DG NTDC, Folorunsho Coker speaking through his representative, Mrs. Annette Ibe, said: “There are other data banks from technologies used by banks, telecoms companies and airlines, among others, that could be used to crystallize our overview of tourism data. It will be by alliance and in our common interest, rather than by enforcement. This will get us where we want to be. Big data is the new oracle. We need to speak to it to maximize benefits.”
While describing statistics as the overview that allows correction of strategies and policies, the NTDC boss commended the National Bureau of Statistics (NBS) for its commitment to using the TSA framework to ensure a more robust and realistic aggregation of tourism statistics in Nigeria.
He noted that the symbiotic relationship between government agencies is for the benefit of Nigeria, while opining that, “this is the first time statistic will capture Tourism and its relevance to GDP. “The decision of NBS to use the TSA framework to ensure a more robust and realistic aggregation of tourism statistics in Nigeria is ground breaking. It is the beginning of what GSM did to analogue for tourism. The DG at NBS is a timely judge of the National data requirements and is on the crest of pronouncements that reinforce our statements that the transportation, hospitality and entertainment in tourism have been big business and need to be identified and separated.”
Emphasising the importance of appreciating the NBS approach to tourism data to be able to have robust conversations on the figures, Kale said that the contribution of tourism to GDP using the Supply and Use Table of Nigeria is a measurement of Tourism Value Added. Though limited in scope being dated 2010 to 2012, the Supply and Use Table is still a useful way to evaluate the growth and trends of the tourism sector.
The contribution of tourism to GDP declined from 2.34% in 2010 to 1.77% in 2011 to 1.22% in 2012. Although transportation constitutes the highest contribution of Tourism to GDP, it declined from 70% in 2010 to just over 50% in 2012. On the converse, hotels and accommodation which contributed 20% to the tourism economy in 2010 grew to 45% in 2012.
He noted that though there were over 1000 hotels in Nigeria, very few were predominantly used by inbound tourists.
He revealed the NBS was “in the process of designing a template, in collaboration with other supervisory agencies and associations to further capture the composition and main growth drivers within this sub-sector.”
The rise of shared private accommodation for tourism purposes posed a challenge in monitoring necessitating “the possibility of incorporating this type of service within the Household Establishment Surveys that are conducted every quarter,” he said.
Explaining further, Kale said that soon, it would be possible to collect and disseminate indicators on occupancy rates, room capacity, bed capacity, total foreign guest nights and average room rates across the country.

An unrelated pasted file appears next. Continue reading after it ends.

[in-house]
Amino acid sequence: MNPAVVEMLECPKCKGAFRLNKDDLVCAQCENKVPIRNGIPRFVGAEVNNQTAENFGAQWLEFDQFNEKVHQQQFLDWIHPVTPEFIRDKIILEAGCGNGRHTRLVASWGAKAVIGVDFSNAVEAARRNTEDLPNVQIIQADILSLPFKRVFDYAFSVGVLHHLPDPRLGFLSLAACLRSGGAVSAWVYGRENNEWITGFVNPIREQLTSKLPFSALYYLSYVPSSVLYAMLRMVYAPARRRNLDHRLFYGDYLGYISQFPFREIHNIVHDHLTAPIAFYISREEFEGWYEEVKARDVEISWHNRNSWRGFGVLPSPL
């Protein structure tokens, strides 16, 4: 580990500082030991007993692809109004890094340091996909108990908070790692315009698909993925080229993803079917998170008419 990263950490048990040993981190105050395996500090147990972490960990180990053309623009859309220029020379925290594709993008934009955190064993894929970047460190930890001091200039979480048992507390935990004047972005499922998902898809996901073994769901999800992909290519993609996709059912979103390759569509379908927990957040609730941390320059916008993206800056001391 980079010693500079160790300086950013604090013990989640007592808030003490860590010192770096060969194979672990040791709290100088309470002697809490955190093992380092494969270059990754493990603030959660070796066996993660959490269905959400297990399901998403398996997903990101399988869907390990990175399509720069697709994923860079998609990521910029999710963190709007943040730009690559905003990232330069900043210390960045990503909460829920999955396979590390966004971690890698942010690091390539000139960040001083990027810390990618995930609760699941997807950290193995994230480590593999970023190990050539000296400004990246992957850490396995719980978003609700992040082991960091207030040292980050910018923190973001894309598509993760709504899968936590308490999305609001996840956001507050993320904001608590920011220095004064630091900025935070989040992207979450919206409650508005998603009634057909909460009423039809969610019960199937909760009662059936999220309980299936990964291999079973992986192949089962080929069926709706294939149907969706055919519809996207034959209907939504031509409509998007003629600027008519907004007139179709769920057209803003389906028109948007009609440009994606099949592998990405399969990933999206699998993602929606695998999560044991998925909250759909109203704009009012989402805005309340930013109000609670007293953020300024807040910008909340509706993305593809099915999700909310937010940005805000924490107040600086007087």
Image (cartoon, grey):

A participant at the forum, the CEO, Nene-Uwa Hub Ltd. Mrs. Nnena Fakoya-Smith revealed that her company had teamed up with Le Spinalist to conduct a basic research on how Nigerian’s perceive what Sustainable Tourism means and whether they are even aware of the emergence of the term.
Based on the findings, it was concluded that the gospel of Sustainable Tourism needs to be spread till everyone in the Nigerian Tourism industry is fully aware of the benefits of the concept which will help develop the Nigerian economy, environment and promote the cultural values of the host tourism communities.
Her research, she noted, underscored the need to use statistics to explain findings in the Travel and Tourism industry as well as being essential for record purposes and references.
It is apparent from the stakeholders present that there was some concerted effort by each group to derive some working data.
Federation of Tourism Associations in Nigeria (FTAN), Vice President South East, Mrs. Ngozi Ngoka spoke of the process through which FTAN South East had been able to gather tourism statistics – from taking head counts at bus parks to the number of guests lodged at hotels in the regions.“If we really practice tourism, we can stop urban migration and provide jobs which translate into economic growth. We at FTAN have all the anciliary businesses that support tourism,” she said.
Otunba Ayo Olumoko, Vice President South West and CEO, Infogem, in his opinion, said that the Federal Government showed adequate knowledge of what the tourism industry was adding to GDP. As a result, “the industry is submerged under so many industries. Tourism as an industry has not been taken seriously by the government. From the papers presented, NBS is giving different statistics from one aspect of the industry instead of collectively.”
One of the key stakeholders in the collection of data in the tourism industry, the National Association of Nigerian Travel Agencies (NANTA), through Vice-President South West, Mrs. Lola Adewole, said NANTA was already providing data to the collecting agencies and pledged the association’s continued support for collaboration on the TSA.